[This first appeared two years ago as a guest post I wrote for Jennifer Neyhart’s blog.]
Is it cliché to say that C.S. Lewis had a formative influence on my understanding of what it means to belong to Jesus? Not that it matters if it is cliché.
An Atheist Reads a Devil’s Letters
The Screwtape Letters came to me as a gift, both literally and figuratively. I was an atheist traveling around England on Christmas break in 1983 and a couple of young Christian women I met thought I might like Lewis’ epistolary novel of temptation and faith.
Screwtape advised his nephew Wormwood how to capitalize on his target’s petty jealousies of others.
I recognized petty jealousies in my own life.
Screwtape spoke of leveraging the target’s smug self-satisfaction.
I recognized smug self-satisfaction in my own life.
Screwtape spoke of building on the resentment the target had toward those who put demands on him.
I recognized resentment in my own life.
In almost every letter Screwtape wrote Wormwood, I recognized myself. And Lewis was so darned clever about it all too. His writing is masterful and if I didn’t know better I would have thought this was a set of letters found in a Senior Devil’s attic.
It was in the middle of reading this book, while sitting in an empty railway car traveling south out of London, that I lost my atheism forever:
I was alone and picked up the book Louise bought me to read along the way. The train stopped at a couple stations, and I was just settling in to read some more when I found I could not concentrate very well. I kept reading the same paragraph over and over. I had a feeling like you get sometimes in a library or other quiet place that someone must have walked in when you weren’t looking. I figured someone must have gotten on at the last station without me noticing. So I stood up and looked around. No one in the railway car but me.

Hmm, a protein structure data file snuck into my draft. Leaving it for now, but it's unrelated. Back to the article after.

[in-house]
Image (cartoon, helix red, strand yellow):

I sat back down and opened the book again. Now I found myself reading not the same paragraph but the same sentence over and over again. The feeling that someone was there with me was overwhelming, not allowing me to concentrate at all, so I started to get up to look again. Then I told myself, We haven’t stopped at a station since the last time you looked, Tim. There’s no one here. I sat back down and completely unbidden came a question I would never have imagined coming from my lips. Out loud. In an otherwise empty railway car.
“OK God, what do you want?”
The details of where it went from there are in My Salvation Story, but suffice to say that I went from atheist to theist to Christian in fairly short order at that point. And C.S. Lewis was with me on the way.
I found a little Christian book store in Brighton, about an eight minute train ride from where I was studying at the University of Sussex. I looked for more by Lewis and found Mere Christianity, a collection of essays adapted from radio talks Lewis gave during World War Two.
In those essays he wrote of the basics of what it means to belong to Christ.
Lewis wrote of the law of right and wrong.
I discovered I had a conscience and it is a gift from God.
Lewis wrote of what it means to believe in Jesus as God.
I discovered that faith in anyone or anything else precludes faith in Jesus.
Lewis wrote of behavior as signifying who we follow.
I discovered there were things I did that I’d be better off not doing.
In other words, I learned the basics.
The Challenges of a Thoughtful Faith
There was more Lewis in my future, and I read everything I could get my hands on: fiction, essays, sermons, allegories. Most of it I’ve read more than once. Lewis taught me not only the basics and the nuances of the faith, but that being thoughtful and cerebral are as valid a way of growing in Christ as being hands-on in fellowship and ministry with others. Lewis advised both.
His writing has spoken to me at crucial times over the years, as in that railway car more than thirty years ago. It’s as if he read me and then wrote for me.